As anyone who follow the start-up world knows, valuations for high potential young companies as of late have been trending upward (how's that for an understatement) and are fairly divorced from underlying traditional (ie revenues and earnings) metrics. This is currently true with both "later" stage companies such as Foursquare's $600M valuation and earlier stage companies that are seeing pre-money valuations that are 1.5-2 times what one would expect to see in "normal" markets. As an entrepreneur this naturally sounds like good news, and it largely is, although I thought it might be helpful to share some of the perspectives from the investor side as well as some potential watch outs.
As an investor, when to "pay-up" for a compelling opportunity is one of the more difficult decisions we make on the new investment side of our daily lives. If you do it across the board, you will end up with a portfolio that has sub-par performance, but if you miss out on great companies by being too disciplined, the opportunity cost is exceptionally high. So when confronted with such situations as an investor, some of the things that cross our mind are as follows:
- Is there downside protection in terms of the underlying asset? The best example of this that I recall is a conversation I had with one of my former partners at Greylock in discussing their investment at $500+M value in Facebook. At the time he told me that he was unsure about the upside from there, but that he was sure given the company's user growth, early revenues, relatively limited capital raised to date and the company's strategic importance, there was no way way they were going to lose money on the investment. On Wall Street, they call these asymmetric trades: lots of upside and low downside. While they may not all pay off, it can be a savvy approach for an investor to take.
- Is the amount of capital being raised sufficient to get through important milestones? Even if they long term upside is high, if the capital being raised at a high valuation is not enough to get the company through enough value creating milestones that allow the next round to be at a higher price, it is unlikely to be worth pursuing as the pain of down rounds,the impact on morale and other issues can be painful. Interestingly, this thought process often leads to larger rounds, with more dilution for entrepreneurs, and creates a whole host of risks that come along with too much capital such as lack of focus and unrealistic expectations.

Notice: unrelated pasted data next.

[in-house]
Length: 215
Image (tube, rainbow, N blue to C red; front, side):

- The last, and perhaps most obvious point, is that as an investor when you are reaching in terms of valuation, it needs to be for the right reasons. At Flybridge, we rank our investments on a host of criteria including the strength of the team, the size of the opportunity, how robust the business model is, whether there are real network effects and how disruptive the approach is. to reach on price, we need to be convinced on all dimensions as the criteria together indicate a strong likelihood of creating a lot of value and that the company can quickly grow into the value being established. The wrong reasons to reach are competitive pressures or investments that are viewed as strategically important for the venture firm's brand. Our LPs don't pay us to win all the time nor do they want us to use their capital to create a perceived halo that comes from being involved in high profile companies.
From an entrepreneur's perspective, raising capital at high prices sounds like a great thing. There are, however, some words of caution that are worth running through having had a first row seat in the last overheated market. The first is to recognize that a successful fund raise does not equal a successful business, so don't believe your own press and take an eye off running the business lest the next round be more challenging than the one you just closed. Second, be careful about pushing your investment partners too far. I remember one company where we were A round investors and they raised a Series B at very high prices and the VC director that came along with that financing was extremely dysfunctional when the business hit the inevitable bump in the road. I don't think he was a bad apple, but rather was under a lot of pressure with his partners having gone to bat for the high price only to have the company do well, but not well enough to justify the valuation. Finally, as alluded to above, reaching on valuation too early implicitly raises expectations that you have for yourself and others (employees and investors) have for the business and this can lead to the pursuit of overly aggressive strategies too early. So the final word is be aggressive, but realistic.